Why We Play Games Part 2

Why We Play Games Part 2



Why we​ Play Games,​ Part 2
Last week we​ started to​ get into the​ motivation of​ the​ gamer .​
We discussed challenge and its ugly stepsister competition,​ two of​ the​ most common motivators .​
Today,​ we​ look at​ two more on​ the​ way to​ forming an​ overall model for what moves us.
Perhaps less common than the​ first two motivators,​ creativity is​ nonetheless an​ important driving force in​ the​ gamer psyche .​
Though at​ first gaming doesn't seem like a​ particularly creative act,​ what with its formalized rules and structured systems,​ there is​ much more room for self expression than one might think .​
Some games play to​ this directly through unique presentations or​ artistic themes .​
Music games and many of​ the​ Sim titles are basically just expressive outlets that happen to​ be governed by a​ computerized system of​ rules .​
Other creatives find their outlet in​ multiplayer gaming .​
The modern MMORPG sports equipment and decorative combinations numbering well into the​ millions .​
The Creatively Motivated gamer takes pleasure in​ designing how their character looks as​ well as​ changing how they interact with their environment .​
Creatively Motivated gamers thrive when outlets are available .​
Anything involving a​ high degree of​ expression,​ decoration,​ or​ a​ large abstract component draws them .​
They wilt in​ gaming environments governed purely by numbers,​ and in​ those where presentation is​ extremely homogeneous.
Though we​ sometimes don't like to​ admit it,​ escapism is​ a​ motivation that lives in​ the​ heart of​ every gamer .​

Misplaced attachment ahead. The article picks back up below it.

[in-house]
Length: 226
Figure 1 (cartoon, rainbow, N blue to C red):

By design,​ a​ game creates an​ inherently different world .​
Even games which have as​ one of​ their primary goals simulation of​ some aspect of​ the​ real world recast the​ player into some role they find more exciting than their own .​
Escaping into the​ role of​ adventurer,​ pilot,​ quarterback or​ even zookeeper provides motivation for nearly every gamer .​
Escapism Motivated gamers seek out games where the​ environment is​ rich,​ comprehensive,​ real .​
They thrive in​ worlds where suspension of​ disbelief is​ high,​ where they can lose themselves in​ the​ depth and complexity available to​ them .​
They gravitate toward role playing and simulation,​ environments where the​ world is​ rich and believable .​
They tend to​ avoid abstract games where the​ underlying reality is​ difficult to​ believe or​ understand .​
It is​ a​ strange sort of​ paradox that MMORPGS,​ with their incredibly deep histories and expansive worlds,​ are not as​ attractive to​ Escapism Motivated gamers as​ pure RPGs .​
This effect arises from the​ multiplayer aspect .​
Players talking in​ a​ public channel about out of​ game topics or,​ worse,​ about the​ mechanical and numerical aspects of​ the​ game world may well ruin the​ escapists experience and cause them to​ seek the​ company of​ non player characters or​ others who share their motivation.
Much has been made of​ the​ downside of​ escapism .​
a​ gamer who spends too much time in​ a​ world not their own can begin to​ lose touch .​
This sort of​ disassociation with reality can,​ and has,​ lead to​ all sorts of​ problems with work,​ school and personal relations .​
This does not mean,​ however,​ that escapism is​ itself an​ unhealthy thing .​
It is​ a​ basic part of​ the​ human experience .​
The reason we​ vacation,​ watch moves,​ enjoy sporting events or​ go camping is​ inherently escapist .​
As people,​ we​ are often unsatisfied with out lot in​ life .​
It's natural to​ seek out activities that allow us to​ experience something outside of​ our day to​ day .​
Gaming is​ no different .​
However,​ as​ gamers,​ we​ are an​ oft misunderstood community .​
We owe it​ to​ ourselves and to​ the​ world at​ large both to​ fight with information,​ by spreading the​ positive realities of​ gaming and gamer culture,​ and to​ fight internally against obsession .​
No matter how good a​ substitute for the​ real world a​ game may seem it​ is,​ in​ the​ end,​ only a​ pastime .​
Leave it​ once in​ a​ while.
Next week,​ we​ conclude with Social Interaction .​
Then,​ we'll move on​ to​ some sort of​ unified theory about all this.




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